Dize: Considering 'we are all going to die,' stop delaying and take action

Once I was asked, “Which ceremony would you rather perform, a wedding or a funeral?” Immediately I replied that I would rather be of service at a funeral, more so, than a wedding. Weddings sometimes become a little chaotic, especially the wedding rehearsal. Invariably, the rehearsal cannot start on time because some are still arriving from work. Then there are those who have begun to celebrate with an alcoholic drink before wedding day. They usually come in late and disrupt the training session.

Funerals are different. They are more reverent. There is a certain conscious feeling of respect present for the deceased and the family who are suffering from their loss. Everyone seems to be more cooperative, helpful and grateful to all those involved.


I especially like the interment process. The funeral director makes sure the procession with the casket leading, moves toward the east. Ending with the deceased's head pointing east. This is because, the Bible states that east is the direction which Jesus will return at the end of this world. The gathering for refreshments after the funeral seems to be a loving time where people are glad to see those they haven't seen since the last family funeral.

Sometimes those that have become saddened by the loss of their mate feel an anger toward God. Seeking counseling would be a smart idea. Often friends want mourners to get over it quickly. Mourning is a natural and very much-needed process. This process takes time and should not be hurried along by well-meaning friends and family.

Often the beliefs of the deceased dominate the mood of the funeral. If the deceased believed there is an afterlife and that they will be in heaven with God and Jesus, there seem to be a happier tone than if they believed there is no afterlife.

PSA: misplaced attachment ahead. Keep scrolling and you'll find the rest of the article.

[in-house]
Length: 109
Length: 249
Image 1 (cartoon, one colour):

After one of the funerals, as people were moseying to their cars, a family member interjected a funny story that lightened up the previously heavy mood.

He started by saying, “Three friends from his local church congregation were asked, ‘When you're in the casket, and friends and congregation members are mourning over you what would you like them to say?’”

Artie said, “I would like them to say I was a wonderful husband, a fine spiritual leader, and a great family man.”

Eugene commented, “I would like them to say I was a wonderful teacher and servant of God who made a huge difference in people’s lives.”

Albert said, “I'd like them to say, “Look he's moving!”

No joke, before our use of medical equipment, they used to bury people before they were dead. People would have a hole put into the coffin. They would tie a string from the deceased's finger that ran through the hole and ground, up to a bell on top of the grave. That is were the saying “saved by the bell” came from.

There is one thing certain, as Billy Graham, Evangelist said, “We are all going to die!” And, author Wayne Dyer topped that by saying we all have one big problem, we think we are going to live forever. So I guess we have to step-up our action. We all have many things we want to do and accomplish … but taking the two sentences into consideration we have to take some immediate action and not delay.

One dear woman in my congregation wanted to take a driving trip but, she and her husband put it off until next year. I'm still sad that she didn't take the bull by the horns, pack the suitcases, put them in the car and put the pedal to the metal. In another congregation, a man told the story about entering a posh restaurant with no reservation and was told there would be a 45-minute wait, to which he replied, “Young man, we're 90 years old. We may not have 45 minutes.”

They were seated immediately.